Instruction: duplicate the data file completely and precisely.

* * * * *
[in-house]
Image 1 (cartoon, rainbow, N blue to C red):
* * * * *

[in-house]
Image 1 (cartoon, rainbow, N blue to C red):